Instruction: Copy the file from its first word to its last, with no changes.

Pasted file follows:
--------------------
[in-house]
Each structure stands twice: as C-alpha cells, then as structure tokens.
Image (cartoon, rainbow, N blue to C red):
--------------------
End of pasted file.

[in-house]
Each structure stands twice: as C-alpha cells, then as structure tokens.
Image (cartoon, rainbow, N blue to C red):